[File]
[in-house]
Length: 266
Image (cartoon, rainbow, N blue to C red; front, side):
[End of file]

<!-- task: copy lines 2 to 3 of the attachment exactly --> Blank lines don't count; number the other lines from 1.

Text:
Length: 266
Image (cartoon, rainbow, N blue to C red; front, side):